Govan’s honest chancer, Rab C Nesbitt, can still hold his own among shows as good as latest hit Guilt and it would be interesting to hear his take on politicians like Nicola Sturgeon, Boris Johnson and the rest, writes Aidan Smith.
Imagine we were putting a time capsule in the cold, hard ground, burying items which would tell future generations who we were and what we were about, and there was room next to one of Andy Murray’s old sweatbands and our wee parliament in a snowglobe for a recording of a telly show. What should it be?
Should it be Guilt, the comedy-drama which has just concluded to great critical acclaim, or should it be the Govan guttersnipe, the string-vested sage, the loquacious layabout, the demented dispenser of philosophy-on-a-Giro, Rab C. Nesbitt?
Admittedly ranting Rab isn’t on TV just now and he hasn’t been since the first days of 2014. But Gregor Fisher, who first played Nesbitt as far back at 1986, says a comeback has been mooted.
“I don’t want to barge into this and neither does anybody else but, yes, there’s talk,” he said in an interview the other day. “There are a lot of people involved. The ingredients are being discussed. The cake has not yet been mixed and the oven isn’t lit, but we talk. Gently.”
So, if Rab was back on the box, and not so much baking his opinions at a low heat as ramming them into the deep-fat frier, then how would he fare next to Guilt, which has had Britain’s pre-eminent TV dramatist Jed Mercurio raving about it, and what would he have to say about south-west Glasgow and the world in late 2019?
I would love to hear one of our greatest comic creations on Prince Andrew, snowflakes, driverless buses, Meghan Markle, flood-zone housing developments, his city’s Imelda Marcos, Fortnite, transgenderism, foodbanks, just about anything, really – and of course I’d be fascinated to know what he thinks about Boris Johnson.
Nesbitt emerged in the Thatcher Years when Maggie was viewed as no friend of Scotland, those who worked in its traditional industries and those who ran a thousand miles from a day’s honest graft.
Rab believed he could best serve the country by articulating the Scottish condition as it appeared to him through the bottom of an electric soup bottle, exposing little injustices and fingering giant roasters.
He spoke up for the ordinary Joe or Jock, the marginalised, the dispossessed. And what’s more he used their language, legitimising patterful Scots slang, sending it far and wide. That he had England’s Home Counties wondering, “What do you think ‘podgering’ might be, Miriam?”, makes me laugh even now.
Rab would say to his best pal: “We’re just scum, eh Jamesie?” Except he wasn’t. He was an honest chancer, more or less. He was a family man, more or less. He believed in society when Thatcher didn’t or he certainly believed in his strata of it. A friend working in London at the time of “peak Nesbitt” told me how Thatcher’s children – braying loadsamoney whizzes – would shout Nesbitt’s “Ah’m tellin’ yooz!” catchphrase at Underground station beggars whether they were Scottish or not. The same twerps would also roar it at Fisher during the actor’s live turns as Rab, accessorising their city suits with scabby headbands and dirty plimsolls.
The ‘dramedy’ of Guilt
But Rab’s pomp were those pre-Parliament years when Scotland struggled to be heard and his outpourings were the comedic articulation of that frustration.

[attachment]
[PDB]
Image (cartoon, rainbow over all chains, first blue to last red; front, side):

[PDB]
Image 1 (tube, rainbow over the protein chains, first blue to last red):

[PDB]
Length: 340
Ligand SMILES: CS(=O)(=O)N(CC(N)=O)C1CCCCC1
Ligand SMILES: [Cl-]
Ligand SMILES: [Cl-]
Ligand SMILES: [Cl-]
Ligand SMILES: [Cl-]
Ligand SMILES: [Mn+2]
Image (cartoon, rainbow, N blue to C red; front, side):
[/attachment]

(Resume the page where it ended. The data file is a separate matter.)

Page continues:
He’s not going to have the same impact this time around when he could squint quizzically at our First Minister and aver: “That’s a Mary Doll hairstyle you’ve got there, by the way.”
What would be Nesbitt’s milieu this time around? Would he still be wearing the string-vest et al? These and other challenges await Rab’s Dr McFrankenstein, writer Ian Pattison, who will know that The Likely Lads is just about the only half-hour comedy which improved with age after a long time away.
Nesbitt also pre-dates BBC Scotland’s own channel. In the face of near weekly suggestions from a tartan edition of a London tabloid that it should stop being so silly and confident and aspirational and shut up shop, it keeps going.
Guilt has been its best original work to date, the “dramedy” of two brothers involved in a hit-and-run who fell foul of money-launderers and the most fiendish curtain-twitcher in all of suburbia.
Nominally set in Leith, the series was for a large part filmed in East Kilbride which, weirdly, gave it a Scandi feel. Mark Bonnar played Max, by far the most successful of the siblings and the owner, he liked to point out, of a four-car garage.
He wore turtleneck jumpers, seemingly one size smaller every episode, as if to emphasise how his options narrowed down to nothing. The other brother Jake (Jamie Sives) ran a record shop. In the spirit of the New Musical Express’s Lone Groover, he believed there was still some validity to pronouncements like: “The thing about Roxy Music is they could have been bigger than the Beatles.” (There is and they could have been).
Watching with my wife, I tried to claim some validity for the pronouncement that I knew Sives when he was nothing, or rather I interviewed him when he got his first break. But she trumped me: “Before you, I went out with Mark’s brother.” Both Bonnar and Sives were brilliant and here’s something else I loved about Guilt: it could do sex and death. These have been tricky areas for Scottish-made programmes in the past. Bodies which tumble convincingly – down gullies or in this case over car bonnets, onto beds in the throes of passion – have proved beyond them. But Neil Forsyth’s yarn was up to both tasks.
Neither Jake or Max died in the end so could we have a second series, please? At the very least Guilt proves that in this terrific era of grown-up, twisty, clever television, Scotland can be a player. And there can yet be room for the return of Rab.